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Unformatted text preview: ind an optimally separating hyperplane of two separable classes of data, in which case the margin contains no data points. However,
in the real world, data of different classes are usually mixed together at the boundary and it's hard to find a perfect boundary to totally separate them. To address this
problem, we slacken the classification rule to allow data cross the margin. Mathematically the problem becomes, Now each data point can have some error . However, we only want data to cross the boundary when they have to and make the minimum sacrifice; thus, a penalty term
is added correspondingly in the objective function to constrain the number of points that cross the margin. The optimization problem now becomes: Note that
is not necessarily smaller than one, which means data can not only enter the margin but can
also cross the separating hyperplane.
more separable. is feasible in the separable case, as all . In general, for higher , the sets are Aside: More information about SVM and Kernal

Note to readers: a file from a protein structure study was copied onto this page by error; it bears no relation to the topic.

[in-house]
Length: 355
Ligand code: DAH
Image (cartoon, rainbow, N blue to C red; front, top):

SVMs are currently among the best performers for many benchmark datasets and have been extended to a
Figure non-separable case
number of tasks such as regression. It seems the kernel trick is the most attracting site of SVMs. This idea
has now been applied to many other learning models where the inner- product is concerned, and they are
called ‘kernel’ methods. Tuning SVMs remains to be the main research focus: how to an optimal kernel? Kernel should match the smooth structure of the data. Support Vector Machine algorithm for non-separable cases - November 23, 2009
With the program formulation above, we can form the lagrangian, apply KKT conditions, and come up with a new function to optimize. As we will see, the equation that we
will attempt to optimize in the SVM algorithm for non- separable data sets is the same as the optimization for the separable case, with slightly different conditions. Forming the Lagrangian
In this case we have have two constraints in the Lagrangian (http://en.wikipedia.org/wiki/Lagrangian) and therefor...
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- Winter '13